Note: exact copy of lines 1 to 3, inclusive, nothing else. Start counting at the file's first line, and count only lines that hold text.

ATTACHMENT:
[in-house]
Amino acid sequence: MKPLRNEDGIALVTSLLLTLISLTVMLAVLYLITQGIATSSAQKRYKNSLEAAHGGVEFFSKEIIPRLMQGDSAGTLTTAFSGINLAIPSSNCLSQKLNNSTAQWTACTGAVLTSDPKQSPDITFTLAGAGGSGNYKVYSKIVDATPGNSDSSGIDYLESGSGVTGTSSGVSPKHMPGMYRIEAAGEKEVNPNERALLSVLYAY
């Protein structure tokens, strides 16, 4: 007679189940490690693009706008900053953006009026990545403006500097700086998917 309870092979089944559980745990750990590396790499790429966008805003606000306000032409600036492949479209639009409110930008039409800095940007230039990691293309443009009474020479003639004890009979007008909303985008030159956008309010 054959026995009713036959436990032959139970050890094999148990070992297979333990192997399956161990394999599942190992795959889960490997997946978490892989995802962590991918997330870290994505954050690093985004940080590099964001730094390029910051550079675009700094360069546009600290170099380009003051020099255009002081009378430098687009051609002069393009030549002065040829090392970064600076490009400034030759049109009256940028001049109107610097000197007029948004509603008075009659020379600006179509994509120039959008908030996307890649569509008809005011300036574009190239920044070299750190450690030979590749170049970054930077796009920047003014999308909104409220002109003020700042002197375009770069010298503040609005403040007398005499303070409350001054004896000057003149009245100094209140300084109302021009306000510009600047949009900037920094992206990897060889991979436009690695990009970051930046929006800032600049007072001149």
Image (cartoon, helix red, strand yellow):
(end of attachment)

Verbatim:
[in-house]
Amino acid sequence: MKPLRNEDGIALVTSLLLTLISLTVMLAVLYLITQGIATSSAQKRYKNSLEAAHGGVEFFSKEIIPRLMQGDSAGTLTTAFSGINLAIPSSNCLSQKLNNSTAQWTACTGAVLTSDPKQSPDITFTLAGAGGSGNYKVYSKIVDATPGNSDSSGIDYLESGSGVTGTSSGVSPKHMPGMYRIEAAGEKEVNPNERALLSVLYAY
């Protein structure tokens, strides 16, 4: 007679189940490690693009706008900053953006009026990545403006500097700086998917 309870092979089944559980745990750990590396790499790429966008805003606000306000032409600036492949479209639009409110930008039409800095940007230039990691293309443009009474020479003639004890009979007008909303985008030159956008309010 054959026995009713036959436990032959139970050890094999148990070992297979333990192997399956161990394999599942190992795959889960490997997946978490892989995802962590991918997330870290994505954050690093985004940080590099964001730094390029910051550079675009700094360069546009600290170099380009003051020099255009002081009378430098687009051609002069393009030549002065040829090392970064600076490009400034030759049109009256940028001049109107610097000197007029948004509603008075009659020379600006179509994509120039959008908030996307890649569509008809005011300036574009190239920044070299750190450690030979590749170049970054930077796009920047003014999308909104409220002109003020700042002197375009770069010298503040609005403040007398005499303070409350001054004896000057003149009245100094209140300084109302021009306000510009600047949009900037920094992206990897060889991979436009690695990009970051930046929006800032600049007072001149």